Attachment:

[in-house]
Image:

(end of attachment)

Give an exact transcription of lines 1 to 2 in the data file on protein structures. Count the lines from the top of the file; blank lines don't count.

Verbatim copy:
[in-house]
Image: